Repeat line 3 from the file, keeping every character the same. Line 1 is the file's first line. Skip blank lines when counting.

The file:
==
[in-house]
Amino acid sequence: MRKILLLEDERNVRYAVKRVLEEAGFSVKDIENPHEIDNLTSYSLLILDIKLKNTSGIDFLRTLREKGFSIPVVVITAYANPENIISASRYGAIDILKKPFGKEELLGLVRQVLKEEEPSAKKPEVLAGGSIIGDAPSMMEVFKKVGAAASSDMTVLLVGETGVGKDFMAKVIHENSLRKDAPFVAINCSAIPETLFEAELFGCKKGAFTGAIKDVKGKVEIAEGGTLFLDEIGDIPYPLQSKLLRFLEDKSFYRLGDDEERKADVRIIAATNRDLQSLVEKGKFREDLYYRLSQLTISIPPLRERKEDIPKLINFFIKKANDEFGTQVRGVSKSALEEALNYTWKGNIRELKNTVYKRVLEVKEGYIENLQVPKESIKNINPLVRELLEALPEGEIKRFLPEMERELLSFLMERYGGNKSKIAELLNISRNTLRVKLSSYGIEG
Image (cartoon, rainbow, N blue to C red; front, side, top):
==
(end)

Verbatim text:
Image (cartoon, rainbow, N blue to C red; front, side, top):